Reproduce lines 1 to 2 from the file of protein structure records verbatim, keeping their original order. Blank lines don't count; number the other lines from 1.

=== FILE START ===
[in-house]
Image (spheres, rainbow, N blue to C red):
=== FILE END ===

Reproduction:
[in-house]
Image (spheres, rainbow, N blue to C red):